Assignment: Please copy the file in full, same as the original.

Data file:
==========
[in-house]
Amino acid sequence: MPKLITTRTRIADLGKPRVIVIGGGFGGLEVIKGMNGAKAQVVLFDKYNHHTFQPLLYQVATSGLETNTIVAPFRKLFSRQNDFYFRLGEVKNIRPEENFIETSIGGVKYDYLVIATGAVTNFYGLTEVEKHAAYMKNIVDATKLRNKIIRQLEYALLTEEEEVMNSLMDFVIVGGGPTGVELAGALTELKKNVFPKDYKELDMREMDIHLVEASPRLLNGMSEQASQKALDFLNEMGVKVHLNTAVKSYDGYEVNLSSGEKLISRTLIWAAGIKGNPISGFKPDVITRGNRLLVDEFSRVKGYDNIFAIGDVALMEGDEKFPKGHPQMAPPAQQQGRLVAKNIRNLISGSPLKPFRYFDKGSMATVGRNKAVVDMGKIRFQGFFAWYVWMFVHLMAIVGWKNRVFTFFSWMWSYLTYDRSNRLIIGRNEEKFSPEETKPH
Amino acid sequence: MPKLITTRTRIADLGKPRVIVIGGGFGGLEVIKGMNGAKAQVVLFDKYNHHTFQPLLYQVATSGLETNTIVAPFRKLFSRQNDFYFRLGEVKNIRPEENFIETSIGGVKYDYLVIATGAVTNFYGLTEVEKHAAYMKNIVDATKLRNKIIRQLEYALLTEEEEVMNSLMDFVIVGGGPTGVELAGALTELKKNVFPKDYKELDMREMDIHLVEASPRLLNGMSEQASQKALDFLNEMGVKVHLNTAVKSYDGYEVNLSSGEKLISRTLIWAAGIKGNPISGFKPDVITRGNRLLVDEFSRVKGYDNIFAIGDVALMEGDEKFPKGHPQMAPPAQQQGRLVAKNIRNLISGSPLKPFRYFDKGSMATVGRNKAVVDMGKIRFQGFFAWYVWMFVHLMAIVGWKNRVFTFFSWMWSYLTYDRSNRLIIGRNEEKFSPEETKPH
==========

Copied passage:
[in-house]
Amino acid sequence: MPKLITTRTRIADLGKPRVIVIGGGFGGLEVIKGMNGAKAQVVLFDKYNHHTFQPLLYQVATSGLETNTIVAPFRKLFSRQNDFYFRLGEVKNIRPEENFIETSIGGVKYDYLVIATGAVTNFYGLTEVEKHAAYMKNIVDATKLRNKIIRQLEYALLTEEEEVMNSLMDFVIVGGGPTGVELAGALTELKKNVFPKDYKELDMREMDIHLVEASPRLLNGMSEQASQKALDFLNEMGVKVHLNTAVKSYDGYEVNLSSGEKLISRTLIWAAGIKGNPISGFKPDVITRGNRLLVDEFSRVKGYDNIFAIGDVALMEGDEKFPKGHPQMAPPAQQQGRLVAKNIRNLISGSPLKPFRYFDKGSMATVGRNKAVVDMGKIRFQGFFAWYVWMFVHLMAIVGWKNRVFTFFSWMWSYLTYDRSNRLIIGRNEEKFSPEETKPH
Amino acid sequence: MPKLITTRTRIADLGKPRVIVIGGGFGGLEVIKGMNGAKAQVVLFDKYNHHTFQPLLYQVATSGLETNTIVAPFRKLFSRQNDFYFRLGEVKNIRPEENFIETSIGGVKYDYLVIATGAVTNFYGLTEVEKHAAYMKNIVDATKLRNKIIRQLEYALLTEEEEVMNSLMDFVIVGGGPTGVELAGALTELKKNVFPKDYKELDMREMDIHLVEASPRLLNGMSEQASQKALDFLNEMGVKVHLNTAVKSYDGYEVNLSSGEKLISRTLIWAAGIKGNPISGFKPDVITRGNRLLVDEFSRVKGYDNIFAIGDVALMEGDEKFPKGHPQMAPPAQQQGRLVAKNIRNLISGSPLKPFRYFDKGSMATVGRNKAVVDMGKIRFQGFFAWYVWMFVHLMAIVGWKNRVFTFFSWMWSYLTYDRSNRLIIGRNEEKFSPEETKPH